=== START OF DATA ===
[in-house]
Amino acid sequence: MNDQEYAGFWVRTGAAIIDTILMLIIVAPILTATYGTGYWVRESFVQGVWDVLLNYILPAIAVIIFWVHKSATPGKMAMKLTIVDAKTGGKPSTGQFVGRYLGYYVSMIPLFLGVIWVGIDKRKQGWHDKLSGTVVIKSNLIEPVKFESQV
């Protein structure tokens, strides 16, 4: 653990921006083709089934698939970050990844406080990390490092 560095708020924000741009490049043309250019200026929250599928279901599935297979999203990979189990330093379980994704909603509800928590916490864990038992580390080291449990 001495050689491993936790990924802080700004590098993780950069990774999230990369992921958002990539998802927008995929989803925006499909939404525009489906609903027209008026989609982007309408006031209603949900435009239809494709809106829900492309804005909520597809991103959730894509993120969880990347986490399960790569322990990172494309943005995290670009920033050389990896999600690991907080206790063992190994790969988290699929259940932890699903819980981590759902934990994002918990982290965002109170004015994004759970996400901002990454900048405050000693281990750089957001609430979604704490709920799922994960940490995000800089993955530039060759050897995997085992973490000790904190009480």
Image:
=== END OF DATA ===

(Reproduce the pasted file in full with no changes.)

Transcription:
[in-house]
Amino acid sequence: MNDQEYAGFWVRTGAAIIDTILMLIIVAPILTATYGTGYWVRESFVQGVWDVLLNYILPAIAVIIFWVHKSATPGKMAMKLTIVDAKTGGKPSTGQFVGRYLGYYVSMIPLFLGVIWVGIDKRKQGWHDKLSGTVVIKSNLIEPVKFESQV
């Protein structure tokens, strides 16, 4: 653990921006083709089934698939970050990844406080990390490092 560095708020924000741009490049043309250019200026929250599928279901599935297979999203990979189990330093379980994704909603509800928590916490864990038992580390080291449990 001495050689491993936790990924802080700004590098993780950069990774999230990369992921958002990539998802927008995929989803925006499909939404525009489906609903027209008026989609982007309408006031209603949900435009239809494709809106829900492309804005909520597809991103959730894509993120969880990347986490399960790569322990990172494309943005995290670009920033050389990896999600690991907080206790063992190994790969988290699929259940932890699903819980981590759902934990994002918990982290965002109170004015994004759970996400901002990454900048405050000693281990750089957001609430979604704490709920799922994960940490995000800089993955530039060759050897995997085992973490000790904190009480």
Image: